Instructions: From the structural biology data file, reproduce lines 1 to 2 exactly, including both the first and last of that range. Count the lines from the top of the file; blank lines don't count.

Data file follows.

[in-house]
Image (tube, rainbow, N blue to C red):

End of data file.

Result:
[in-house]
Image (tube, rainbow, N blue to C red):